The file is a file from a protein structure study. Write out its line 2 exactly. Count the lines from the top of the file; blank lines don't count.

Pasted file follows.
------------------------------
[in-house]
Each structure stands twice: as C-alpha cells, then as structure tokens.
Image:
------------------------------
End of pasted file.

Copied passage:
Each structure stands twice: as C-alpha cells, then as structure tokens.